Joe described the interactions as perhaps quasi-synchronous rather than synchronous. He commented that the design features of the software had effects on the interactions between students. A further example of this was the very limited use of the text chat facility, probably because it is hidden under a tab, so isn’t easily visible to students.
The talk was followed by a short period for questions and discussion. Joe had already raised aspects, other than the software itself, that might affect students’ interactions – for example, the task they were asked to carry out. Other aspects raised by audience members included:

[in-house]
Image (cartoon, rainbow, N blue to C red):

- Would there be changes over time, as students gained experience?
- Were there examples of breakdown and repair of communication?
- Do participants who do not take a very active role also learn a lot?
- Is the video interaction important to students?
- Would it be helpful for students to watch the recording afterwards?
- Would software such as Skype make the interactions more fluid?